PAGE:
Consumers increasingly are trying alternatives to their local hospitals and doctors, from going abroad for less-costly surgery to seeking quick, basic care at new clinics in drugstores and discounters, experts say.
The number of people heading abroad for "medical tourism" could jump tenfold in the next decade, to nearly 16 million Americans a year seeking cheaper knee and hip replacements, nose jobs, prostate and shoulder surgery, and even heart bypasses, according to a forecast by health care consultants at the Deloitte Center for Health Solutions.
Meanwhile, the number of retail clinics operating in pharmacies, big-box and discount stores and supermarkets has jumped from about 200 in 2006 to nearly 1,000 last month, according to a second report from the Deloitte center.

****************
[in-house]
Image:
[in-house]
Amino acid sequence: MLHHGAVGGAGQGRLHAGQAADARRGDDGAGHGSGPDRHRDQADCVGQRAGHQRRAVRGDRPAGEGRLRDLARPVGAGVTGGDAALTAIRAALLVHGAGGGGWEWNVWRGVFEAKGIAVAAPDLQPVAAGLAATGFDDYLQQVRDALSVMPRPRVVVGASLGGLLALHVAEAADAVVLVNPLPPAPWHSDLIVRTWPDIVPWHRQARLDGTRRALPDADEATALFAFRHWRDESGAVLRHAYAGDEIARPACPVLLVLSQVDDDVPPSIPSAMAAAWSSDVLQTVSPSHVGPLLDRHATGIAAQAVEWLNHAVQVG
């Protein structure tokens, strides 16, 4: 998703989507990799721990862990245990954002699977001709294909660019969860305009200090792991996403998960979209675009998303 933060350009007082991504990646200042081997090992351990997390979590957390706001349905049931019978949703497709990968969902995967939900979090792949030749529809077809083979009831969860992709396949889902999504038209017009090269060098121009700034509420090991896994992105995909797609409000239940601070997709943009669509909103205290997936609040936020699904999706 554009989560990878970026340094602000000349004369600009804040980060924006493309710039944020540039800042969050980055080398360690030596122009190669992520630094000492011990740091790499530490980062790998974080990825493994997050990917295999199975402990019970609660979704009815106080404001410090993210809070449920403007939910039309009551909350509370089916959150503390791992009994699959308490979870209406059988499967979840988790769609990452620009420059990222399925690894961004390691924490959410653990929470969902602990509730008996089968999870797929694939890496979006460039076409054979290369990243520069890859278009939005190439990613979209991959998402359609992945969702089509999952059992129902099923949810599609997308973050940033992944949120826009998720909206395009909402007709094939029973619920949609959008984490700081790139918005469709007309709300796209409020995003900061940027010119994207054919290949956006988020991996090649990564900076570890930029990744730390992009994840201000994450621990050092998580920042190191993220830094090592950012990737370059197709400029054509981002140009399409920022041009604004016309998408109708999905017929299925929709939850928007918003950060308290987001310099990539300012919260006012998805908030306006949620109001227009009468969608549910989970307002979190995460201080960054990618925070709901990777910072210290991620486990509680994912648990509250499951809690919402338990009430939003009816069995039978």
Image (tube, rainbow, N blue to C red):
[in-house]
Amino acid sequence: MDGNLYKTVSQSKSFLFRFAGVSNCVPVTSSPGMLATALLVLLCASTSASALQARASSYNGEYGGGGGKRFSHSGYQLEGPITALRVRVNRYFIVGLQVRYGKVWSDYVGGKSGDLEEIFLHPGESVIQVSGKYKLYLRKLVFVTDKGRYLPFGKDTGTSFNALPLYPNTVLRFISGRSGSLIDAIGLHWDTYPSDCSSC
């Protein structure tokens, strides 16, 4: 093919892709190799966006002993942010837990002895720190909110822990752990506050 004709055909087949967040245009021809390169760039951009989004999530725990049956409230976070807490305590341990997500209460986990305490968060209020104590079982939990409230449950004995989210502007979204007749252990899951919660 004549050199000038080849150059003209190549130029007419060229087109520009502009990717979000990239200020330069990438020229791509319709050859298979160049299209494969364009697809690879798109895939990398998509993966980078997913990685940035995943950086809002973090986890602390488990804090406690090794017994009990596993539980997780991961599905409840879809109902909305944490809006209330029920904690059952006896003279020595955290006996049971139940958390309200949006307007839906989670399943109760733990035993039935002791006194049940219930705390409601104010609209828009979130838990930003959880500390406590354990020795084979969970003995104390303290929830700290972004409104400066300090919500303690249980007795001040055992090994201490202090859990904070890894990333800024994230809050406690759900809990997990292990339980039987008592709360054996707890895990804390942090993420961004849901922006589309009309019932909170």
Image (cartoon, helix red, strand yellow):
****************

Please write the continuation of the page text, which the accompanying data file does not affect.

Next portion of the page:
While growth is slowing and some early players funded by venture capitalists have folded or been bought out, major retailers such as Wal-Mart Stores Inc., CVS Caremark Corp. and Walgreen Co. have announced plans to open hundreds more clinics in their stores in the next few years.
The two reports show potential big savings for U.S. consumers - and probably their health insurers - would come at the cost of American hospitals and doctors losing billions of dollars a year in revenue.